Minimum Salary Increase for 2020

The Fair Labor Standards Act (FLSA) entitles most employees to at least minimum wage for all hours worked and at least one and one-half times their regular rate of pay for hours worked in excess of 40 per week.  There are many exceptions to these requirements called “exemptions.”  Certain exemptions, such as the executive, administrative, and professional exemptions, have minimum salary requirements that employees must be paid in order for the exemption to apply (in addition to other requirements dealing with the employee’s actual work).  For many years, the minimum salary for most of these exemptions has been $455 per week.  That is about to change.

On September 24, 2019, the U.S. Department of Labor (DOL), the administrative agency responsible for handling FLSA issues, issued a final rule changing the minimum salary requirement for so-called “white-collar” exemptions.  The current minimum salary is $455 per week, or $23,660 annually.  The new minimum salary will be $684 per week, or $35,568 annually.  This number was based on the 20th percentile of weekly earnings for full-time salaried workers in the lowest income census region (currently the South).  This rule is scheduled to take effect on January 1, 2020.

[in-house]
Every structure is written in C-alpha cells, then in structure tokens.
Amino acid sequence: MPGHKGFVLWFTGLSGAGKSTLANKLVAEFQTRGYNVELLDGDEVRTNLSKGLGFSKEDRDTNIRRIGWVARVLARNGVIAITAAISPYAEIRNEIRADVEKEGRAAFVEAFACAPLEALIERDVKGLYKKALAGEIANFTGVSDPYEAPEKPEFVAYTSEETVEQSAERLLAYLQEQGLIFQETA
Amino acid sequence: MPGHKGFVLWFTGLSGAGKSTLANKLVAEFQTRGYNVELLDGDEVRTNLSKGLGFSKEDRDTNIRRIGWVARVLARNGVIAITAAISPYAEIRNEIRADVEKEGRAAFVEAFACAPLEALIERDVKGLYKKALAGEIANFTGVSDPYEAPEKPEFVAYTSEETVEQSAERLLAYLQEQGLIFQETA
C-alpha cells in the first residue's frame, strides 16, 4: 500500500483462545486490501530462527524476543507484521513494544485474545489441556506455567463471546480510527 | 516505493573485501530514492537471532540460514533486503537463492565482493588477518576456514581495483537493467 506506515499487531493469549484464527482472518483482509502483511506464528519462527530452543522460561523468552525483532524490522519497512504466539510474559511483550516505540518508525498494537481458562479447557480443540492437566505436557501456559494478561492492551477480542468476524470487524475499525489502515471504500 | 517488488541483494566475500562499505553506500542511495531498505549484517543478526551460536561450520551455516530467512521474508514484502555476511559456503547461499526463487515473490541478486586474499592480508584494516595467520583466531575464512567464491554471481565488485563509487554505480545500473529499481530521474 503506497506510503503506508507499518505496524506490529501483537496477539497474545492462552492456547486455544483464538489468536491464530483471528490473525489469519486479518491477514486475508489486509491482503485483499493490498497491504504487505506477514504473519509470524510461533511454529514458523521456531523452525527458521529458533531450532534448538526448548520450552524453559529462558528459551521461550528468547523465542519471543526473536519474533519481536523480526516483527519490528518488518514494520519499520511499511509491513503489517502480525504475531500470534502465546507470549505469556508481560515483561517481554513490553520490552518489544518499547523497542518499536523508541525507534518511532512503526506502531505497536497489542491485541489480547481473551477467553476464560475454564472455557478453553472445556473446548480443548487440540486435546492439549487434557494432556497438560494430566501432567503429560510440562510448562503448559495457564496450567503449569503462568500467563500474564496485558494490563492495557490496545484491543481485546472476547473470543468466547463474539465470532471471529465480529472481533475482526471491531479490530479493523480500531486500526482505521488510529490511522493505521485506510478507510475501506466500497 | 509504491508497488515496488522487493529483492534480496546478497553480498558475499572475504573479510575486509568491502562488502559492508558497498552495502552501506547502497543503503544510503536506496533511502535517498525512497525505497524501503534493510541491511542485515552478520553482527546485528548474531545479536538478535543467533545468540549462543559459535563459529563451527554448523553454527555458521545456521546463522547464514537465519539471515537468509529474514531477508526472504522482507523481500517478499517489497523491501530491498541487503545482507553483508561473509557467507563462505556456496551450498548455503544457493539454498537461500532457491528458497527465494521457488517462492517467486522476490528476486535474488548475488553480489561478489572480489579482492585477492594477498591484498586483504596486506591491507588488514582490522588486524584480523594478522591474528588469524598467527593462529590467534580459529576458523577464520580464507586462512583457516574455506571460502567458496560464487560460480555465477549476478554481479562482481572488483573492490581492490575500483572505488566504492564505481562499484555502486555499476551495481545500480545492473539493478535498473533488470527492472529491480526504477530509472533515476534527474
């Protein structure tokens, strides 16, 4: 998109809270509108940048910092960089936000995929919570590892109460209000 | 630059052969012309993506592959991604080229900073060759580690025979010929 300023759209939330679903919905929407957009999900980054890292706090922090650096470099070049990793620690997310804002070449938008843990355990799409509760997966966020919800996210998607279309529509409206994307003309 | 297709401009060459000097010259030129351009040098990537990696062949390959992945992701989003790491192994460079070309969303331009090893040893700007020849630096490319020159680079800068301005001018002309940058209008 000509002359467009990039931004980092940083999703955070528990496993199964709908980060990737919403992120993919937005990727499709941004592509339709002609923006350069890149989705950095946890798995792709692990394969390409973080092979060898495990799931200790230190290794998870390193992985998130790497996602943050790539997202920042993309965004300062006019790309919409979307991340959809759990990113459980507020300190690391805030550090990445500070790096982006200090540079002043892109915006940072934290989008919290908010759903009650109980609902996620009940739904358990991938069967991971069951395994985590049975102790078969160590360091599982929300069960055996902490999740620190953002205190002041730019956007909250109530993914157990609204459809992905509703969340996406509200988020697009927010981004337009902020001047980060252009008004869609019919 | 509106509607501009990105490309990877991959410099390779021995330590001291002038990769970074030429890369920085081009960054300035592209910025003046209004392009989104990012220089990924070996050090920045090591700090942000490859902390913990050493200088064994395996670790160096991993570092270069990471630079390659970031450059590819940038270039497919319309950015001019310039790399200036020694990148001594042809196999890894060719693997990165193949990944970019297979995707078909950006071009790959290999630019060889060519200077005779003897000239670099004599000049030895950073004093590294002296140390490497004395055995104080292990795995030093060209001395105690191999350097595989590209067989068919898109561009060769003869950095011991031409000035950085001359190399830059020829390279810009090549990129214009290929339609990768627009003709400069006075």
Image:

In 2016, the DOL proposed changing the minimum salary to the white-collar exemptions to $47,476 per year.  Although the rule went through the final stages at the DOL, it was challenged and ultimately stopped by a federal court in Texas.

Assuming the new rule is not stopped (and, at this time, there is no reason to think it will be), the DOL estimates that 1.3 million additional U.S. workers will become eligible for overtime starting in January, or a pay increase so that they meet the new minimum salary requirements.

The new rule allows for up to 10% of the standard salary level to come from non-discretionary bonuses and incentive payments (including commissions) that are paid at least annually.

In addition to raising the minimum salary requirement for white-collar exemptions, the new rule also raises the salary threshold for the “highly compensated employee exemption.” The current minimum salary for this exemption is a $100,000 annual salary.  It will increase to a $107,432 annual salary.

UAP employer contacts should coordinate with our payroll department to change these minimum salaries, or to convert employees to hourly, if any of your employees do not meet the new threshold.